I’m going to let you in on a secret that I’ve learned as an undergraduate physicist at MIT.
No one understands quantum mechanics.
That seems odd, considering that most all of modern technology relies on it. Sure, physicists do the calculations (and do them spectacularly), but turning the crank on a machine doesn’t tell you why it does what it does. The problem is, science is really good at answering the question of “what happens,” but not so skilled at “why it does.” This leads physicists to uncomfortable situations when trying to tell people what in the blazes they’re talking about.
The mathematical foundations of quantum physics are rock solid; indeed they are the most statistically accurate theory we’ve ever created when it comes to testing predictions. The odd part is, the math involved is incredibly different then anything we had used before. A series of rules, called “axioms,” are followed. This is an idea descended from the Greeks, who realized that if you want to prove anything, you have to start from some basic unprovable assumptions (e.g., parallel lines will never touch).
It’s within these axioms that the weirdness of quantum physics hides. We can’t test why the weirdness exists, because we had to assume its existence to get anywhere.
For example, you may have heard of the famous example of “Schrödinger’s Cat.” Often told, this story is a way that physicists try to explain one particular weirdness about quantum mechanics. The story goes something like this:
“A mechanism is set up containing a radioactive material that could randomly decay at any moment, and when it does, a poisonous gas is released. If a cat is sealed in a box with this device and isolated from the outside world, quantum mechanics tells us that at a given moment, instead of a cat who is definitely alive or dead, we’d have a quantum cat who is alive and dead at the same time. Then, when the box is opened and observed there is a 50% chance of us seeing a dead or live cat.”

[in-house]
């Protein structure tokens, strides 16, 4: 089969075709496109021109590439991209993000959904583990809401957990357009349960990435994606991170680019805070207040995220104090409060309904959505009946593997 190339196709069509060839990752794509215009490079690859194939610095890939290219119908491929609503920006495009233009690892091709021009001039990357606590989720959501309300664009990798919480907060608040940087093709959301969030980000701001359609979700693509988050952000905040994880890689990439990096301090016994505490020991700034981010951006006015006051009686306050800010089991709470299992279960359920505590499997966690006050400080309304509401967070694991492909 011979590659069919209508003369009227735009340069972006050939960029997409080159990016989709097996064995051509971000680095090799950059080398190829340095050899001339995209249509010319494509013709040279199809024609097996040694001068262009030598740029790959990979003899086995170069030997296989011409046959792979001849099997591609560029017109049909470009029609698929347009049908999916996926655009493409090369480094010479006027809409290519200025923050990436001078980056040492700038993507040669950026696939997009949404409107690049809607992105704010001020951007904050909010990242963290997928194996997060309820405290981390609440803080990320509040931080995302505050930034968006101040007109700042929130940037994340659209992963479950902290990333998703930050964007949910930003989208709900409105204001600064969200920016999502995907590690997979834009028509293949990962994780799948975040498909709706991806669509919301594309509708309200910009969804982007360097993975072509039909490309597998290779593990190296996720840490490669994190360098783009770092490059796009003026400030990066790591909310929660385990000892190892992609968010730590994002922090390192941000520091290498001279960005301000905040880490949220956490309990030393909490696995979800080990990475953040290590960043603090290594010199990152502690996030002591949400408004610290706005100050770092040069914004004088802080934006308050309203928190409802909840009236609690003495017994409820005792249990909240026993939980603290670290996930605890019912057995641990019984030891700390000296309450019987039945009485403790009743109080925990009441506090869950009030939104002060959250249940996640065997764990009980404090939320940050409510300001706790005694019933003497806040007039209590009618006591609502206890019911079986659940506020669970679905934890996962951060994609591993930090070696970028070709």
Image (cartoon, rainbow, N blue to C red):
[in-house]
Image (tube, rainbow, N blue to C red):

This is pretty confusing. The thing is, quantum mechanics really deals with insanely tiny object, like atoms or electrons. Connecting a tiny object (random decay of a radioactive material) to a large object (Schrödinger’s Cat) is a way of making us see how weird are the things quantum mechanics says go on inside tiny objects.
One of the axioms of quantum mechanics is that we cannot say an electron is doing one particular thing at a given time, and that we have to account for numerous possibilities instead, until an observation happens. The math then tells, incredibly accurately, the probabilities for different outcomes.
What the math cannot tell us, though, is what “exists”; in fact, the math doesn’t care about our philosophical notions of existence. The reality is that when an electron is flying around, we have to take various possibilities into account at once. From this uncomfortable situation, we run into the issue that an electron can “be” in two places at the same time; and even weirder, that these two possible electrons can “bump into” and affect each other! It’s like the live cat being able to sniff the dead cat’s body!
We’ve done countless experiments, and there’s no way around it. In the real world, a single electron can and does bump into itself. And no one knows why.
In my next post, I’ll be telling you about something even weirder: the work of a scientist, Alan Guth, who thinks the universe might have spawned from pure nothing. I’ll only be able to scratch the surface, but you’ll be able to hear more from Professor Guth himself at an incredible event happening during the Festival called “Big Ideas for Busy People,” which Meghan has already blogged about. There, you can hear prominent scientists from a wide variety of fields talking about the beautiful, and often counterintuitive, truths about our world. Its a great opportunity to hear revolutionary thoughts from the pioneers themselves, and I am really excited to see it happen!